Cybersecurity is becoming increasingly complex due to the ever expanding threat landscape – more services in the cloud, more digital operations and more devices mean more attack surfaces and variations for malicious hackers to inject into networks and therefore more tools to combat this – and that means more work for operations teams tasked with responding to security threats. A startup called today simplicity comes out of the cover with $32 million in funding for a platform it believes will help ease that burden.
Funding for the Israel-based startup comes in the form of a $6 million seed round and $26 million Series A. Glilot Capital Partners, leads Series A with new investors with its early-growth fund Glilot+ NTTVC and Atlantic Bridge and previous supporters S capital and Rain Capital is also participating. S Capital led its seed round.
Ravid Circus – CPO of Seemplicity, who co-founded the company with Yoran Sirkis (CEO) and Rotem Cohen Gadol (CTO) – said the company has decided to now come out of the cover and publicly launch with news about its funding, in part had recently closed because of the second round, and partly because it has already attracted a decent number of customers: 20 companies covering Fortune 500 and publicly traded companies in various sectors (none of whom are yet ready to disclose their name).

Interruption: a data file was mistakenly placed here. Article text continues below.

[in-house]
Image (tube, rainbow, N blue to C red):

Seemplicity is a portmanteau of “see” and “simplicity,” and it does just that: help DevOps and SecOps teams get a more complete picture of an organization’s security posture by simplifying the view.
The problem is pretty simple, but tricky: DevOps teams today face a tough task that, in some ways, only gets tougher. According to both, the number of violations is growing General and specific accounts; and that leads to an ever-growing array of tools targeting different aspects of security, covering specific domains and use cases such as applications, SaaS, cloud, and endpoint security. But although there has been a major evolution in security towards much more automation to handle some of the alerts generated by these various security apps, there are still a number of issues that require human involvement, to address and ultimately resolve them.
This, in turn, results in a massive flood of data pouring down on these DevOps teams that is difficult to analyze before taking action.
That’s where a product like Seemplicity comes in: it takes all those alerts and orchestrates them to figure out which ones are related, which ones can be bundled, which ones are more urgent (because they’re central to the way something works, or because it’s, for example could signal a cascading problem) and that can be fixed by fixing something else.
By doing this, “we enable an organization to repair and rehabilitate more effectively so that they are less involved in fighting fires,” Circus said. “The way to reduce security incident times is to fix them faster.” The platform can be configured by organizations, but it also learns from its use, according to Circus.